By Ray Stern
By Ray Stern
By New Times
By Amy Silverman
By Stephen Lemons
By Stephen Lemons
By Monica Alonzo
By Chris Parker
Citing a recent New Times article that detailed the allegations and Phoenix police reports, the Arizona Board of Osteopathic Examiners voted on October 13 to suspend the controversial Finkel until it holds an investigative hearing, probably before the end of the year.
Finkel did not attend the hearing before a packed chamber at the board's Scottsdale offices. His attorney, Richard Gierloff, says he plans to file papers in Maricopa County Superior Court requesting a temporary restraining order against the board's action. Finkel has repeatedly denied any wrongdoing ("Bedside Matter," Paul Rubin, September 20).
The doctor long has been a lightning rod in the debate over abortion rights. The oft-quoted Finkel owns and operates the Metro Phoenix Women's Clinic. By all accounts, he is Arizona's most prolific abortion doctor, and says he performs about 1,600 procedures a year, or about 20 percent of abortions statewide.
The board believed it had to take action immediately, and voted 5-1 under a state law that says, in part, "If the Board finds . . . that the public health, safety or welfare imperatively requires emergency action, [it] may order a summary suspension of a license pending proceedings for revocation or other action."
Board executive director Ann Marie Berger told the board she initiated the case against Finkel after reading the New Times story. That, she said, was the first she or her staff had heard of the allegations, a surprising comment because a Phoenix police detective indicated in a report that he'd visited the board offices in early 2000 seeking information on Finkel.
Berger said her staff has gotten little cooperation from the Maricopa County Attorney's Office, whose criminal investigators took over investigation of Finkel months ago.
Seven women have filed sexual misconduct allegations against Finkel over the last decade. Each lodged similar complaints -- that Finkel allegedly manipulated their clitorises and fondled their breasts inappropriately during pre-abortion or other examinations. One alleged victim told Phoenix police detective Art Haduch in early 2000 that Finkel also had licked her genitals briefly before he began the procedure.
The police reports also indicated four of Finkel's ex-medical assistants knew of his sexual misconduct, and had spoken with the doctor's wife about it. (Diana Finkel told New Times that she never heard anything of the sort from the ex-employees.)
Dr. Richard W. Whitaker, the sole board member to vote against suspension, warned his colleagues not to rush to judgment. He said he's known Finkel for two decades.
"Dr. Finkel is a very unique individual, to say the least . . . possibly obnoxious to a lot a people," Whitaker said, speaking of the doctor's universal reputation as brash and outspoken.
Whitaker's defense of Finkel visibly startled some in attendance when he suggested women who seek abortions may be of questionable integrity.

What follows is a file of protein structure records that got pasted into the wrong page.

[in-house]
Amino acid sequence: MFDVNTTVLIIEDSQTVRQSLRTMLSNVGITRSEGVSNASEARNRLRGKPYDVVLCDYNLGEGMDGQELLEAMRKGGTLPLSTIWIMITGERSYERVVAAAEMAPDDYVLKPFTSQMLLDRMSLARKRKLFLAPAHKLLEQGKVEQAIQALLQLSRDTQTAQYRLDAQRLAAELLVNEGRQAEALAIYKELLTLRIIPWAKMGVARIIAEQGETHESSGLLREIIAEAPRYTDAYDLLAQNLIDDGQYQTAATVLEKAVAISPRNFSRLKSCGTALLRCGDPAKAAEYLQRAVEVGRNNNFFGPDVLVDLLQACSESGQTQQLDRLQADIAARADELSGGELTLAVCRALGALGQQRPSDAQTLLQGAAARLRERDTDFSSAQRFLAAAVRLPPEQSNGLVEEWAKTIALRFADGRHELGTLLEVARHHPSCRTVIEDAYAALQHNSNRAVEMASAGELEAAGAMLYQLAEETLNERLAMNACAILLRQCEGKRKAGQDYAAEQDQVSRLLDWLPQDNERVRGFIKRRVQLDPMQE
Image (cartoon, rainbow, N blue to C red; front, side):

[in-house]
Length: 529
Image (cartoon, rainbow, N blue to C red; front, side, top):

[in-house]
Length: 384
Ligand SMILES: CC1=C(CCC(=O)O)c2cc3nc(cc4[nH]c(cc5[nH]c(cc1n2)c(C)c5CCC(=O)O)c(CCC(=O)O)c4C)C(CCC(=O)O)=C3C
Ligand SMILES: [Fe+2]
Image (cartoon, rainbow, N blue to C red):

"Bear in mind the character of his patients," he said, referring to the thousands of women who have undergone abortions at Finkel's clinic since he opened for business in 1982. "I think it behooves us to act cautiously. Other than the article in the [New] Times and the police reports, they all seem to say the same thing."
Board member Dr. Scott Steingard countered by saying the alleged pattern of behavior is what troubles him most. "This is considerably worse [than a he-said, she-said situation]," Steingard said of the spate of allegations against Finkel.
Board president Dr. Murray Cohen asked: "What do we do to protect the patients on Monday if, in fact, it is an ongoing thing?"
Responded Whitaker, "I don't believe it is. Again, it's a he-said, she-said, without much more defending each one."
Board vice president Dr. Martin B. Reiss said he suspects Finkel's abortion patients would be more likely to keep the doctor's sexual improprieties to themselves than other patients.
"There would be a reluctance on their part to advertise that they've been to a place for an abortion," Reiss said. "I think that it's probably underreported than overreported."
D. Jayne McElfresh, an investigator for a Valley law firm and the only woman on the board, said: "There is evidence that women who did not know each other, who never spoke to each other . . . said the exact same thing. I have a deep concern for the public safety. I have a deep concern for any woman who walks into Dr. Finkel's office on Monday."
McElfresh added that "everyone on the board knows I have been a supporter of Dr. Finkel . . . [But] my concern is for those women who don't get the New Times. . . . There are probably more women out there."
After the story appeared, the paper got calls and e-mails from about a half-dozen women who complained of similar inappropriate treatment by Finkel.
Toward the end of the public discussion, Dr. Cohen told his colleagues, "We have an enigma. We need to protect the public, and we have not 100 percent corroborated the evidence."
That led Whitaker to note that the ex-employees who have spoken to police (and, in some instances, to New Times) stayed on the job after they allegedly had been eyewitnesses to sexual improprieties: "This may be about a disgruntled employee."
In the story, the 51-year-old Finkel vehemently denied wrongdoing with any of his patients. "They misconstrue professional conduct for professional misconduct," the doctor said of his clients. "Physicians that abuse their patients in this state go to prison. I'm not going to prison, because I'm not doing anything wrong."